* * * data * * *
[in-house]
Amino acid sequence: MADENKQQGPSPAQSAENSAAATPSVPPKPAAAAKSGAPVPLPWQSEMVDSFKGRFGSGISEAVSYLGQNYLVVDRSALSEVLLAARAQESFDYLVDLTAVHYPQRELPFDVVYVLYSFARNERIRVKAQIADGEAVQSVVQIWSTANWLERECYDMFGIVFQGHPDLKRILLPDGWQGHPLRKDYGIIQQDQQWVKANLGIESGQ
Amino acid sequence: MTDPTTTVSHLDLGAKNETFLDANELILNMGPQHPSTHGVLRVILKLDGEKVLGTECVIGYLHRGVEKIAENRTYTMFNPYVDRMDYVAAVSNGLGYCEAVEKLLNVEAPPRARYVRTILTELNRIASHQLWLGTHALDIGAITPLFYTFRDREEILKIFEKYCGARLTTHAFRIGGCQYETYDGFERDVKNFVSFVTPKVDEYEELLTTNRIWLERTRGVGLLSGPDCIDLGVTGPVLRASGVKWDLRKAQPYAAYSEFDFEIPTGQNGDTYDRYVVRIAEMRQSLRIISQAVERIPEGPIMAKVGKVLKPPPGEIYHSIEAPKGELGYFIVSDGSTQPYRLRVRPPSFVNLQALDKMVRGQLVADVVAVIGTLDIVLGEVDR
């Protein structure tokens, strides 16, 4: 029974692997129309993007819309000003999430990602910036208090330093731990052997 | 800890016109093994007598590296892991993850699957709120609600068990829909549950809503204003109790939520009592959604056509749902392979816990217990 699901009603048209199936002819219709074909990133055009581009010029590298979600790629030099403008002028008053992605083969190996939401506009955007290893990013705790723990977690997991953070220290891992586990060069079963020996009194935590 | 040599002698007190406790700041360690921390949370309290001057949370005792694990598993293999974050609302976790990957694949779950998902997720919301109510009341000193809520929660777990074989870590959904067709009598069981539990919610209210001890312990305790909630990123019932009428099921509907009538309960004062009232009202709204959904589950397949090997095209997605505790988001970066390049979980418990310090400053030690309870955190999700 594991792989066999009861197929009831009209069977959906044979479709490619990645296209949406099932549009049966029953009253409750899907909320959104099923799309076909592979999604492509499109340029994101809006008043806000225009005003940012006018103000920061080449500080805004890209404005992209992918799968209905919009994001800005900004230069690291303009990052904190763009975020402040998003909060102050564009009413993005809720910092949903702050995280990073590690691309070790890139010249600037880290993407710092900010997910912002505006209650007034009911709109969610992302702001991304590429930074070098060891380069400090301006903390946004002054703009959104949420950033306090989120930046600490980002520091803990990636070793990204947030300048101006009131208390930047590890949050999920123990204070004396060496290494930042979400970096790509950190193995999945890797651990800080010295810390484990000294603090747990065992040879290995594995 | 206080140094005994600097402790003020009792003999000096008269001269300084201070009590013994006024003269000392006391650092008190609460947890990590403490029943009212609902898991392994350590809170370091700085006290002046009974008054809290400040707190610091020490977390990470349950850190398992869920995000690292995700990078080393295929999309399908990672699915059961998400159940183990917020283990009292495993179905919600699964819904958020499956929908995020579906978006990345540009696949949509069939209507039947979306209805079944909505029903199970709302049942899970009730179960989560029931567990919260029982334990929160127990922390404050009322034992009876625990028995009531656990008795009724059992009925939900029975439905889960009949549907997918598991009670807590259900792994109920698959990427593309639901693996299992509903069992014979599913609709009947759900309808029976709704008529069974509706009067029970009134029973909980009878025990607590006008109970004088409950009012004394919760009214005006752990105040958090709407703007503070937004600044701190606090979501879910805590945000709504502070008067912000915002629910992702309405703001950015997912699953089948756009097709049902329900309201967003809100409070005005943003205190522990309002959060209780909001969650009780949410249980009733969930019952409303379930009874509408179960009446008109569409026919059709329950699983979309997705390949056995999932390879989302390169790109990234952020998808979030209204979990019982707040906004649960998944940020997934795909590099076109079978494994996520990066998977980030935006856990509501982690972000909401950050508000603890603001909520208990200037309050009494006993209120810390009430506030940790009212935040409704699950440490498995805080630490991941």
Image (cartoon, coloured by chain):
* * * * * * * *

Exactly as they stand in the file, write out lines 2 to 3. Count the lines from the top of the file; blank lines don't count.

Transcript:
Amino acid sequence: MADENKQQGPSPAQSAENSAAATPSVPPKPAAAAKSGAPVPLPWQSEMVDSFKGRFGSGISEAVSYLGQNYLVVDRSALSEVLLAARAQESFDYLVDLTAVHYPQRELPFDVVYVLYSFARNERIRVKAQIADGEAVQSVVQIWSTANWLERECYDMFGIVFQGHPDLKRILLPDGWQGHPLRKDYGIIQQDQQWVKANLGIESGQ
Amino acid sequence: MTDPTTTVSHLDLGAKNETFLDANELILNMGPQHPSTHGVLRVILKLDGEKVLGTECVIGYLHRGVEKIAENRTYTMFNPYVDRMDYVAAVSNGLGYCEAVEKLLNVEAPPRARYVRTILTELNRIASHQLWLGTHALDIGAITPLFYTFRDREEILKIFEKYCGARLTTHAFRIGGCQYETYDGFERDVKNFVSFVTPKVDEYEELLTTNRIWLERTRGVGLLSGPDCIDLGVTGPVLRASGVKWDLRKAQPYAAYSEFDFEIPTGQNGDTYDRYVVRIAEMRQSLRIISQAVERIPEGPIMAKVGKVLKPPPGEIYHSIEAPKGELGYFIVSDGSTQPYRLRVRPPSFVNLQALDKMVRGQLVADVVAVIGTLDIVLGEVDR